Others: the Psychology and Evolution of Unselfish Behavior, as well as Peter
Singer in A Darwinian Left: Politics, Evolution and Cooperation, argue
that human beings evolved as social animals, not as lone, self-reliant brutes.
In a society, cooperative behavior (or at least, a balance between cooperation
and selfishness) will be selected in favor, while looking out exclusively for
number one will be ostracized because it reduces the fitness of most individuals
and of the group as a whole.
of this sounds good, but does it actually work? A recent study published in Science
by Martin Nowak, Karen Page and Karl Sigmund provides a splendid example of how
mathematical evolutionary theory can be applied to ethics, and how in fact
social evolution favors fair and cooperative behavior. Nowak and coworkers
tackled the problem posed by the so-called “ultimatum game.” In it, two
players are offered the possibility of winning a pot of money, but they have to
agree on how to divide it. One of the players, the proposer, makes an offer of a
split ($90 for me, $10 for you, for example) to the other player; the other
player, the responder, has the option of accepting or rejecting. If she rejects,
the game is over and neither of them gets any money.
is easy to demonstrate that the rational strategy is for the proposer to behave
egotistically and to suggest a highly uneven split in which she takes most of
the money, and for the responder to accept. The alternative is that neither of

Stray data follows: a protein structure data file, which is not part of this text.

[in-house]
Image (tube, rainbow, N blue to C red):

them gets anything. However, when real human beings from a variety of cultures
and using a panoply of rewards play the game the outcome is invariably a fair
share of the prize. This would seem prima facie evidence that the human sense of
fair play overwhelms mere rationality and thwarts the rationalistic prediction.
On the other hand, it would also provide Ayn Rand with an argument that most
humans are simply stupid, because they don’t appreciate the math behind the
and colleagues, however, simulated the evolution of the game in a situation in
which several players get to interact repeatedly. That is, they considered a
social situation rather than isolated encounters. If the players have memory of
previous encounters (i.e., each player builds a “reputation” in the group),
then the winning strategy is to be fair because people are willing to punish
dishonest proposers, which increases their own reputation for fairness and
damages the proposer’s reputation for the next round. This means that—given
the social environment—it is rational to be less selfish toward your
we are certainly far from a satisfying mathematical and evolutionary theory of
morality, it seems that science does, after all, have something to say about
optimal ethical rules. And the emerging picture is one of fairness—not
egotism—as the smart choice to make.
Next Month: "Red
or Blue? What kind of life would you choose?"
Stuart Mill on the Internet
Encyclopedia of Philosophy
by Plato, complete text online
theory and evolutionarily stable strategies, an interactive website
Skeptic & Humanist Web